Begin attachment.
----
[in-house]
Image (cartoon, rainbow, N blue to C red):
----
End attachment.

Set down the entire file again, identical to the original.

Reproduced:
[in-house]
Image (cartoon, rainbow, N blue to C red):